• The reason why the Bernoulli(1/2) variable is 'failing' is because it relates to the square of an asymptotic normal distribution with mean 0. The sample variance of the Bernoulli distribution is distributed as $$(X/n)(1-X/n) \quad \text{where } \quad X \sim Binom(n,p)$$ This can also be expressed as $0.25-Y^2$ where $Y = X/n - 0.5$. And this is approximately normal distributed for increasing $n$ and has mean 0 if $p=1/2$. As a result the Taylor expansion needs to use the 2nd order term. A similar situation is in this question about the Delta method stats.stackexchange.com/a/441688 Dec 26, 2020 at 18:37
• I think this is misleading. The delta method is applicable in the limit that the function can be approximated by a straight line. So the n will likely need to be significantly larger... In the limit that Gaussian approximates delta function Dec 28, 2020 at 10:32

In the comments on Paul's answer Whuber commented that the case of a Bernoulli variable with $$p=1/2$$ contradicts with his argument. In this question we look further into the Delta method with a graphic. This will provide some intuition and explanation about the (multivariate) Delta method and it explains why the Bernoulli variable is an exception (the only exception along with a degenerate variable).

### Graphical description and intuition

1. The standard deviation of a sample equals $$\hat\sigma = \sqrt{\hat\mu_2-{\hat\mu_1}^2}$$ with $$\hat\mu_1 = \frac{1}{n} \sum {x_i}$$ and $$\hat\mu_2 = \frac{1}{n} \sum {x_i}^2$$. We can consider the sample joint distribution of $$\mu_1,\mu_2$$. The deviation of this sample distribution (scaled by $$\sqrt{n}$$) should approach a multivariate normal distribution with covariance equal to the covariance of the population distribution of a single point.

2. On top of the distribution of $$\hat\mu_1$$ and $$\hat\mu_2$$ we can consider isolines for $$\hat\sigma = \sqrt{\hat\mu_2-{\hat\mu_1}^2} = constant$$.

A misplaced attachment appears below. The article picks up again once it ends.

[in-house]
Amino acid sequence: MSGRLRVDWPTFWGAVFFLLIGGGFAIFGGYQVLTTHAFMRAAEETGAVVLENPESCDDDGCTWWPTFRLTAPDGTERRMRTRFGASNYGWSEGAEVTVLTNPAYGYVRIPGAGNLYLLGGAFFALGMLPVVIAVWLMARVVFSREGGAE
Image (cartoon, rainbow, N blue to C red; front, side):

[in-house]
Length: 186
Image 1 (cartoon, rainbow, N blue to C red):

3. The $$\hat\sigma$$ is a non-linear function $$\hat\mu_1$$ and $$\hat\mu_2$$ but when we consider a small region then the non-linear function can be approximated with a linear function (the delta method does not only require that that a distribution approximates a normal distribution, but also that the variance becomes small).

If the mean $$E(\hat\mu_1) = 0$$ (which we can choose without loss of generality by translation of the variable) then $$\hat\sigma^2 = \hat\mu_2-{\hat\mu_1}^2$$ becomes approximately a normal distributed variable with mean equal to the second moment of the variable and variance equal to the difference of the fourth and second moment $$\sqrt{n}( \hat\sigma^2 - E(\hat\sigma^2)) \xrightarrow[]{P} N(0, E(X^4)-E(X^2)^2)$$

The distribution of $$\hat\sigma = \sqrt{\hat\sigma^2}$$ can be related to this by the series expansion around $$\hat\sigma^2 = E(\hat\sigma^2)$$ which is $$\sqrt{\hat\sigma^2} = \sqrt{E(\hat\sigma^2)} + \frac{\hat\sigma^2 - E(\hat\sigma^2)}{2\sqrt{E(\hat\sigma^2)}} + O\left((\hat\sigma^2 - E(\hat\sigma^2))^2\right)$$ and for the limit distribution $$\sqrt{n}( \hat\sigma - \sqrt{E(\hat\sigma^2)}) \xrightarrow[]{P} N\left(0,\frac{ E(X^4)-E(X^2)^2}{4 E(\hat\sigma^2)}\right)$$ This is the limiting distribution. It might not be optimal for approximations of intermediate steps. For instance the mean $$\sqrt{E(\hat\sigma^2)}$$ is biased and not the same as $$E(\hat\sigma)$$ (but the bias shrinks to 0 for increasing sample size and that's why it still works as a limit distribution). A similar situation is when you take the logarithm of an approximately normal distributed variable, and you can do better than the Delta method.

The issue with the Bernoulli variable is that the limiting sample distribution of $$\hat\mu_1,\hat\mu_2$$ is a fully correlated multivariate normal distribution (the population distribution of the $$x_i,{x_i}^2$$ are just two points and the distribution of the sample mean will be on a straight line between those two points).

In the case of $$p=1/2$$ (and $$x_i = \pm 1$$ such that the mean of $$x_i$$ is zero) the orientation is horizontal; the variance of $$\hat\mu_2$$ (which is in the vertical direction) is zero, and the first order Delta method does not work (similar question/situation is here). Instead one needs to use the second order Delta method and the distribution becomes related to a chi squared distribution instead of a normal distribution.